(CC image of coins by Warren H)





Happy New Year?

5 01 2009

http://flickr.com/photos/28481088@N00/3153656575/

2008 closed with bad news for the East Midlands, with Free Radical Design going into administration (Edge Online gave some of the best coverage), though so far it seems not liquidation. The gamers I know are quite shell shocked that they failed to find a publisher for Timesplitters 4, because they and those they know regarded its predecessors so fondly.

It was thought some staff would be retained, as was announced over Christmas: 140 people have been made redundant, and 40 have stayed on, with the administrators dropping strong indications that publishers are interested in buying the studio.

Codemasters and Monumental games were on hand during the company meeting in December, and it seems David Doak and Steve Ellis have left to start a new studio. These are very troubling times, with games booming yet games businesses struggling and risk averse, but some firms are still growing and, so far, doing well.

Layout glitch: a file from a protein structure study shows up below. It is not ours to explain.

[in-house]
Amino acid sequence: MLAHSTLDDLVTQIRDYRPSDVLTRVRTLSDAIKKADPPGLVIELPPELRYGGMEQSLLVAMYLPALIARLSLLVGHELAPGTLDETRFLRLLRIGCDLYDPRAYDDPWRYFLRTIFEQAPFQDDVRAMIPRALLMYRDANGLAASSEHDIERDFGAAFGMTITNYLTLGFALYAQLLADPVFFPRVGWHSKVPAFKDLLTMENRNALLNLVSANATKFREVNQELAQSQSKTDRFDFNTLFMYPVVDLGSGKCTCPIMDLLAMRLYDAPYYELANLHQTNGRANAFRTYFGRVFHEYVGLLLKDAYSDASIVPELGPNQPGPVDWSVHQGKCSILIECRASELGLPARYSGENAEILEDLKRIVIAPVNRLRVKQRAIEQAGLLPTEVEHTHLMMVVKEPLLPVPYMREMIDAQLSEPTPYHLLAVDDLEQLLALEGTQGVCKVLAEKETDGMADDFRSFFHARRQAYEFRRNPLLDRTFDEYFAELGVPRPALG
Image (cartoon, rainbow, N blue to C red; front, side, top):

FRD was a massive indie to lose, but others are being set up. As well as Pumpkin Beach, Simple Lifeforms recently started up too.

(CC image of a new year bonfire by tanakawho)